If $z$ is a complex number such that Real part of $z\neq 2$ and


I assumed $z=x+iy$ and tried equation real and imaginary part on both sides.

After equating imaginary part, I got $x=2$ or $y=0$ but when I equal real parts, I am getting ugly calculations. Could someone suggest a better approach?


You have that $z^2-4z$ is real, so $z^2-4z=\bar{z}^2-4\bar{z}$ and therefore $$ (z+\bar{z})(z-\bar{z})=4(z-\bar{z}) $$ which implies $z=\bar{z}$ or $z+\bar{z}=4$.

In the first case, $z$ is real, so the equation simplifies greatly. In the second case, the real part of $z$ would be $2$: can you see it?

  • $\begingroup$ Yes I can. This approach is so much better as compared to mine.. $\endgroup$ – Mathgeek Jan 16 '17 at 19:30

If you take $z=a+ib$ and substitute


The imaginary part must be equal, so $2ab=4b$. The restriction of $a\neq 2$ determine that $b=0$. The last equation is reduced to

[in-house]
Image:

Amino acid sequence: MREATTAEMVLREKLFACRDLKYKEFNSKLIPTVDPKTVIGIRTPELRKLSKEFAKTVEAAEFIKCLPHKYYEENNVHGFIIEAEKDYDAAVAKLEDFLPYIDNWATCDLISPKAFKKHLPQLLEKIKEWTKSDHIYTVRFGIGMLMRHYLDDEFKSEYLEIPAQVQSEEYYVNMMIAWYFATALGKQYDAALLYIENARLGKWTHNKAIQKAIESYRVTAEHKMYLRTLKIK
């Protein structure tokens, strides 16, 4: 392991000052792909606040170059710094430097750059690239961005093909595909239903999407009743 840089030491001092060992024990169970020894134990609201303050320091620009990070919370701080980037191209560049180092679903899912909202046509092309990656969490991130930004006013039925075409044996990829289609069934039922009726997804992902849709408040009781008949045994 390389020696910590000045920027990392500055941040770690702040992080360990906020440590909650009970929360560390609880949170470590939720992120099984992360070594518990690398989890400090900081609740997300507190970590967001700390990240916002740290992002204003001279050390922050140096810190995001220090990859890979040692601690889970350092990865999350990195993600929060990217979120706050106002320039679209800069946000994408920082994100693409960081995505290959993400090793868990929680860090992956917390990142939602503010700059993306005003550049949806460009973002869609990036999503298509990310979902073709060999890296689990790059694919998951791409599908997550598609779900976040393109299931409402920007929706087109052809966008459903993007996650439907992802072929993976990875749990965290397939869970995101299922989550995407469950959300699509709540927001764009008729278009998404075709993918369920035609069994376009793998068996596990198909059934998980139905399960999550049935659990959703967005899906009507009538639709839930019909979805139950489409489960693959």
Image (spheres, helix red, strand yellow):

$$a^2=4a+a^2+\frac{16}{a^3} \Rightarrow a+\frac{4}{a^3}= 0$$

Assuming that $a\neq 0$ (because, in this case, $z=0$ and the right part of the equation of the exercise would be unbounded), you get


This is a contradiction, because $a\in \mathbb{R}$, so there are no numbers which solve this equation with this restriction.


Your Answer

By clicking “Post Your Answer”, you agree to our terms of service, privacy policy and cookie policy

Not the answer you're looking for? Browse other questions tagged or ask your own question.